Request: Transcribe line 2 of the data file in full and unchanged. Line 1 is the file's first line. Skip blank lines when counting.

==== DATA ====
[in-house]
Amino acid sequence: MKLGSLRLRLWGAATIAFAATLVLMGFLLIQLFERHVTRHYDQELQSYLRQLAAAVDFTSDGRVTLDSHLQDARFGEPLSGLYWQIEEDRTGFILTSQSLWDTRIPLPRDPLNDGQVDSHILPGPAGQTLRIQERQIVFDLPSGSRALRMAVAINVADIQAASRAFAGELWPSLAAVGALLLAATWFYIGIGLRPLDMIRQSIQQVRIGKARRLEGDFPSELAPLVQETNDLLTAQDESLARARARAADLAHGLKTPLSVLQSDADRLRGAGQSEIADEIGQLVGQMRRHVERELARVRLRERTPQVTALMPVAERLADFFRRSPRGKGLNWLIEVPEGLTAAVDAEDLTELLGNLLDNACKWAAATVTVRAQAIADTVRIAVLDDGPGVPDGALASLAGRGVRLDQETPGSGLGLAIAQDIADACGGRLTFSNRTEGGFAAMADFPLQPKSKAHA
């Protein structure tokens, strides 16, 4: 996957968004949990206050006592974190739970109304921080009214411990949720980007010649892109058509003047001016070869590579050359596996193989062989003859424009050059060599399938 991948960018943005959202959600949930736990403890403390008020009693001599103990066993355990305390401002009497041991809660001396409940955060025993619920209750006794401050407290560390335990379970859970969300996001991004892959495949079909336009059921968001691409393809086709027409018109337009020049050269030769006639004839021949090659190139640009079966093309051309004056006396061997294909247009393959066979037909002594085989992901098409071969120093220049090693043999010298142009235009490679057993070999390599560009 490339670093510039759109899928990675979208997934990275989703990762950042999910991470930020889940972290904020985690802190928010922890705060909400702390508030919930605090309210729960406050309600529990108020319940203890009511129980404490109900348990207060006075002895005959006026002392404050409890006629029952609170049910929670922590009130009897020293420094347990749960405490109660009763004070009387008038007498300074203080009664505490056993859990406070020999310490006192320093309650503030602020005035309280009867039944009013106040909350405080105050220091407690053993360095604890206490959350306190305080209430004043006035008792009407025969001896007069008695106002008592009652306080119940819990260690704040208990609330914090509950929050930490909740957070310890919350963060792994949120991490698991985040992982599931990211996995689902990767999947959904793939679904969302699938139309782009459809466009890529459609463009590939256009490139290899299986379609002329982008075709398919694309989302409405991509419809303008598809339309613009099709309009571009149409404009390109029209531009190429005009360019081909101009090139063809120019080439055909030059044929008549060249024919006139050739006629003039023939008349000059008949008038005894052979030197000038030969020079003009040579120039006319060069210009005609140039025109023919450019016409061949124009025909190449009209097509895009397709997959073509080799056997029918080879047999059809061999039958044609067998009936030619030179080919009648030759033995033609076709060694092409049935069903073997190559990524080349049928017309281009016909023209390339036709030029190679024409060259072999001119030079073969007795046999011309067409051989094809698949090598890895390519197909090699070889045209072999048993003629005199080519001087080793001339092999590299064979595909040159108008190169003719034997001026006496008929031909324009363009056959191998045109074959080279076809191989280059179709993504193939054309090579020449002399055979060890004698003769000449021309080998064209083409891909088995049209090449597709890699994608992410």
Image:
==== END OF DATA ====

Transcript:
Amino acid sequence: MKLGSLRLRLWGAATIAFAATLVLMGFLLIQLFERHVTRHYDQELQSYLRQLAAAVDFTSDGRVTLDSHLQDARFGEPLSGLYWQIEEDRTGFILTSQSLWDTRIPLPRDPLNDGQVDSHILPGPAGQTLRIQERQIVFDLPSGSRALRMAVAINVADIQAASRAFAGELWPSLAAVGALLLAATWFYIGIGLRPLDMIRQSIQQVRIGKARRLEGDFPSELAPLVQETNDLLTAQDESLARARARAADLAHGLKTPLSVLQSDADRLRGAGQSEIADEIGQLVGQMRRHVERELARVRLRERTPQVTALMPVAERLADFFRRSPRGKGLNWLIEVPEGLTAAVDAEDLTELLGNLLDNACKWAAATVTVRAQAIADTVRIAVLDDGPGVPDGALASLAGRGVRLDQETPGSGLGLAIAQDIADACGGRLTFSNRTEGGFAAMADFPLQPKSKAHA